Research data management (RDM) is the process of organising and documenting data processes (collection, description, de-identification, curation, archiving and publication) within a research project, ideally towards making it FAIR.
Data varies across faculties and disciplines, and some research fields by their very nature involve some kind of data literacy due to the software that is needed to do the research. Managing data, however, is something that needs to occur within every research event, in every department. Traditionally, RDM happened tacitly over the course of a researcher’s career. Today, however, managing data is a necessary part of research, yet data management literacy is still in its infancy.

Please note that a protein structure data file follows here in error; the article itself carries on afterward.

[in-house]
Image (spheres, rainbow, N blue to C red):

Working with data is challenging. Professional data management practices can make research more coherent and shareable, which translates to research being relevant and valuable. By using the FAIR principles, researchers can achieve far more efficiency with their data. Importantly, even if a researcher can not make their data completely accessible, practising good research data management helps you make the research more efficient, searchable and findable.